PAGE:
kegler

noun

keg·​ler ˈke-glər How to pronounce kegler (audio) ˈkā- How to pronounce kegler (audio)

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Some historians trace the game of bowling back to the Stone Age (that information may conjure up images of Fred Flintstone on the lanes), but it was a medieval version of the game that gave us the word kegler. In medieval Germany, the game was practiced as a test of religious faith and purity. The "Kegel" (bowling pin) represented a heathen, and those who could topple it with a round stone proved that they were free of sin. "Kegel" gave English the nouns "kegling" (meaning "bowling") and "kegler," by way of the German verb kegeln ("to bowl"). Nowadays, both words tend to be used humorously by writers referring to the modern game.

Examples of kegler in a Sentence

Recent Examples on the Web But there’s one mom-and-pop San Antonio institution, the 44-lane Astro Superbowl, opened in 1960 and catering to a crowd that includes almost 1,000 league keglers a week. Bruce Selcraig, ExpressNews.com, 25 Dec. 2019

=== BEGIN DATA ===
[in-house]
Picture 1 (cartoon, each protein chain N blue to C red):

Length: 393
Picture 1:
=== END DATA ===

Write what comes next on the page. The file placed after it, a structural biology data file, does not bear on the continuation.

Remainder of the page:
These examples are programmatically compiled from various online sources to illustrate current usage of the word 'kegler.' Any opinions expressed in the examples do not represent those of Merriam-Webster or its editors. Send us feedback about these examples.

Word History

Etymology

German, from kegeln to bowl, from Kegel bowling pin, from Old High German kegil stake, peg

First Known Use

1932, in the meaning defined above

Time Traveler
The first known use of kegler was in 1932

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Dictionary Entries Near kegler

Cite this Entry

“Kegler.” Merriam-Webster.com Dictionary, Merriam-Webster, https://www.merriam-webster.com/dictionary/kegler. Accessed 2 Mar. 2024.

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